RELEASE: Romney-Ryan Plan Slashes Pell Grants by More Than $15 Billion
Contact: Katie Peters
Republican Proposal Would Put College out of Reach for Low-Income Students
Washington, D.C. — Today, as many college students return to campus concerned about the rising cost of tuition, a new analysis released by the Center for American Progress Action Fund details the ways in which a Romney-Ryan administration would negatively affect low-income students who rely on federal aid to get a higher education degree.
The nation’s premier financial aid program for low-income college students, the Pell Grant program, provides as much as $5,500 to a student to pay for tuition and expenses during the 2012-13 school year. Without Pell Grants, many low-income students would lose their chance to acquire a college education, improve their earnings, and reach their full potential.
But in his controversial budget plan endorsed by Gov. Romney, Rep. Ryan specifically targets the Pell Grant program for massive budget cuts. As part of CAP Action’s “Romney U” series, the analysis released today shows that the Romney-Ryan plan would slash more than $15 billion of mandatory and discretionary funding from the Pell Grant program beginning next year, resulting in a 42 percent cut to Pell Grants.
The impact of Rep. Ryan’s cuts to the Pell Grant program would be devastating, including:
- Eliminating Pell Grants for more than 1 million students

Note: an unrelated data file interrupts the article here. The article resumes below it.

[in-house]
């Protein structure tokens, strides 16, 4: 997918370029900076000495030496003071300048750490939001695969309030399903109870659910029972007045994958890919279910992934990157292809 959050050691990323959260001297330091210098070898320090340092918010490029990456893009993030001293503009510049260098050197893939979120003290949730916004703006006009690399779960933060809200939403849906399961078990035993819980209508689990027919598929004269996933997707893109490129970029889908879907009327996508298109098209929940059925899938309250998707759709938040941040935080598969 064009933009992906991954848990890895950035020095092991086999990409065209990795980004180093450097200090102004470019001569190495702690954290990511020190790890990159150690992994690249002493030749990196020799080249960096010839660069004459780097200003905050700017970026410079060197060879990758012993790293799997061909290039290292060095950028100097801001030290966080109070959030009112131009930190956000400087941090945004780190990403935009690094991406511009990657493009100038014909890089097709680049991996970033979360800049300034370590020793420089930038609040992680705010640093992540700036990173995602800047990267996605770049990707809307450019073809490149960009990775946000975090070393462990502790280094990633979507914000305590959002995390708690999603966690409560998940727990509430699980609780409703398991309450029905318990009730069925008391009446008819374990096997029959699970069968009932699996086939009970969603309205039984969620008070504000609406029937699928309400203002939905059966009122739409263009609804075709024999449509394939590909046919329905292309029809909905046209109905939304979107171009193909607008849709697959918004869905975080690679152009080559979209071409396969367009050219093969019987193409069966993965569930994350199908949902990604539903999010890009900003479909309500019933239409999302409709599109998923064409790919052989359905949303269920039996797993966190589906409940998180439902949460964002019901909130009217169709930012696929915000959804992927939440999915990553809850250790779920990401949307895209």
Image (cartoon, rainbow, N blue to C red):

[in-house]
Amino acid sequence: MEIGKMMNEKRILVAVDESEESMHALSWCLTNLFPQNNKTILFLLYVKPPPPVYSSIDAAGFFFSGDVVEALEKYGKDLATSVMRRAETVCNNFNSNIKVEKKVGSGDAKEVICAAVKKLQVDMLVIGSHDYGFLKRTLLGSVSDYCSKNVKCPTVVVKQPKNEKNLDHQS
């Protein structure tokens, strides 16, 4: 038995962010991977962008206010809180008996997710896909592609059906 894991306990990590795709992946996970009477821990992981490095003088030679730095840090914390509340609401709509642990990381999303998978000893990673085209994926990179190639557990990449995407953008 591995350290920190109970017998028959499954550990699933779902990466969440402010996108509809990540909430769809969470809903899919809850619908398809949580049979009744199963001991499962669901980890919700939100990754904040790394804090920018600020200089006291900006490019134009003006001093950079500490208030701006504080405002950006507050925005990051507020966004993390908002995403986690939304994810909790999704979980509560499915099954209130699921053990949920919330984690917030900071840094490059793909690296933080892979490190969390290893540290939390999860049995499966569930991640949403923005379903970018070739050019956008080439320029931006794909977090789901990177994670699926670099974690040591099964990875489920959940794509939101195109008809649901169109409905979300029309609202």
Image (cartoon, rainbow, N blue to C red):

- Reducing remaining Pell Grants by $1,500 per year
- Adding thousands of dollars in loan debt to low-income college students and their families
Earlier this year, Gov. Romney advised cash-strapped students to “borrow money if you have to from your parents.” He followed up this recommendation by recounting a story about a friend who borrowed $20,000 from his parents at a low interest rate. This advice would be obviously inapplicable to those students suffering from cuts to the Pell Grant program. Pell Grants, after all, are provided to students from low-income families—the type of families who probably do not have $2,000, much less $20,000, to loan to their children for college.
“As we’ve said on multiple occasions, the best way to reduce the cost of the Pell Grant program is to rebuild our economy—and making sure that it works for everyone,” writes Stephen Steigleder, Policy Analyst at CAP Action and author of the analysis. “Boosting family incomes will reduce the need for Pell Grants, and lowering the unemployment rate will reduce the number of adult workers exiting the labor market to return to college.”
Read the analysis: The Ryan Budget’s Pell Grant Cuts Put College Out of Reach for Low-Income Students by Stephen Steigleder
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